Join us as we welcome Dr. Ruha Benjamin to campus to discuss her newest book, Viral Justice: How We Grow the World We Want. In this talk, Dr. Benjamin draws on the lessons of the COVID-19 pandemic and introduces a micro-vision of change—a way of looking at the everyday ways people are working to combat unjust systems and build alternatives to the oppressive status quo.
This event will highlight areas of overlap between the healthcare and housing sectors, including the cost of housing instability on the healthcare system, integration of health-promoting attributes in Low-Income Housing Tax Credit supported housing, and future directions for research and practice.
Join the Ford School for a two-day virtual symposium on June 16-17 on the future of our unemployment insurance (UI) system. Chaired by the Honorable Sandy Levin in partnership with Poverty Solutions Director Luke Shaefer, the symposium will consist of four panels featuring some of our nation's leading experts on UI.
In conversation with Celeste Watkins-Hayes, Professor Roberts will share more on her new book Torn Apart, and her belief that the only way to stop the destruction caused by family policing is to abolish the child welfare system and liberate Black communities.
Reginald M. Turner (JD '87) will visit the Ford School to share more on his leadership at the ABA, and his work on some of its most pressing issues like access to legal services, judicial reform, election integrity, and the eviction crisis.
U.S. Senator Elizabeth Warren and Dean Barr will discuss Senator Warren's distinguished career as a public servant, perspectives on poverty and inequality in the United States, and her work to create a more just and equitable economic system.
Terri Friedline will discuss her book, Banking on a Revolution: Why Financial Technology Won’t Save a Broken System, which takes a critical look at advancements in financial technology (“fintech”) in the banking and financial industries.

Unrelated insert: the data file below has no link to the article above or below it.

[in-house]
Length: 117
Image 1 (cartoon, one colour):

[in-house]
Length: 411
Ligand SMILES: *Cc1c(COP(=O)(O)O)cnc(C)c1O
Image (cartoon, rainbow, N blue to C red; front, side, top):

Carolyn Barnes will discuss her book, “State of Empowerment: Low-income Families and the New Welfare State,” exploring how government-funded after-school programs can enhance the civic and political lives of low-income citizens.
The Poverty Narrative: Confronting Inequity
Join us as we discuss connections between structural racism, and poverty in the U.S., and confronting policies and practices that perpetuate inequity in public health, housing, education and data.
In this talk Associate Dean Shaefer will chart the journey of recent calls to expand the child tax credit and the rising popularity of the child allowance among poverty scholars, in Congress, and in the Biden Administration.
Majora Carter is a real estate developer, urban revitalization strategy consultant, MacArthur Fellow, and Peabody Award winning broadcaster. As part of the Real-World Perspectives on Poverty Solutions fall 2020 speaker series,
she discusses "Community as Corporation: Talent Retention in Low-Status America."
For almost two decades, The New York Times columnist Nicholas Kristof has traveled the globe to put human faces on the devastating problems plaguing the planet — from disease and poverty to violence and exploitation — and on the efforts of individuals and organizations to repair it.
Join us for this upcoming talk with professor and behavioral economist Ariel Kalil as she discusses how behavioral insights into parental decision-making can help us imagine a new framework for supporting low income families.
Join us for a discussion on life during COVID-19 with Dr. Joneigh Khaldun, Chief Medical Executive and Chief Deputy Director for Michigan Department Health and Human Services and Garlin Gilchrist II, Lt. Governor of Michigan.
Join professor Frederick Wherry in this discussion about how dignity and respect affect consumers' engagements with and responses to debt. Wherry will share about his work to understand and empower the linkages between lending and human values.
Greg Landsman, a Cincinnati city council member, will give a talk titled "Beyond School: Where to Focus Collective Action to Support Children in Poverty" as part of the 2019 Real-World Perspectives on Poverty Solutions speaker series.
The financial crisis lay bare how the financial system failed the nation but left hidden the many ways in which that system still fails the most vulnerable Americans. In No Slack, Michael S. Barr explores how low- and moderate-income households cope with financial stress, use financial services to make ends meet, and often come up short. Many households were overleveraged or paid high costs for financial services, while others lacked access to useful financial products that can cushion against economic instability.
Kerwin Kofi Charles Lectures Steans Family Professor at the Harris School, University of Chicago Scholar in Residence at the Gerald R. Ford School of Public Policy Lectures are co-sponsored by the National Poverty Center.